‘Report’ Distorts and Exaggerates Utility of Tolls for Highway Finance
A recently issued “report” on how useful tolls could be to funding infrastructure investments understates the public opposition to tolling and plays down safety and other risks of increased tolling, American Trucking Associations officials said.
“Despite what toll advocates and financiers try and tell the public, tolling existing interstates is a wildly unpopular concept,” ATA President and CEO Bill Graves said. “Voters and lawmakers in Virginia and North Carolina have demonstrated this vividly in recent months – the public continues to see tolls as an intrusive and inefficient tax.”
ATA highlighted several faulty assumptions in the report:
- It assumes 5% collection costs for the entire system based on a study of four existing urban toll roads. The vast majority of the Interstate system is rural and therefore has lower volumes, so collection costs are bound to be much higher on average.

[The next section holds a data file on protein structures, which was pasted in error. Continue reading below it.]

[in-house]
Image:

- The report claims motorists prefer tolls to higher fuel taxes, based on surveys asking about tolls only on newly built lanes, not on existing Interstates.
- Despite having the authority to toll existing Interstates since 1991, no state has done so (other than HOV lanes) due to public opposition. It’s preposterous to assume that the public would ever accept tolls on the entire system when states can’t get them to go along with tolling even a single highway.
- It projects diversion rates off the Interstate system of 10% for cars and 20% for trucks, yet fails to look at the additional infrastructure, safety, congestion and air quality impacts.
“We know our infrastructure needs are great, but we can’t be wooed by the siren song of alleged ‘tax-free’ funding,” said ATA First Vice Chairman Phil Byrd, president of Bulldog Hiway Express, Charleston, S.C. “Tolls are just another name for a tax, one that provides quite a lot of money for government bureaucrats and Wall Street financiers, and is an extremely expensive way to fund highway improvements. We should instead focus on the reliable, traditional financing methods – such as the fuel tax – that built our great Interstate system to improve and maintain that system. Our leaders simply need to have the political will to do the right thing regarding these methods.”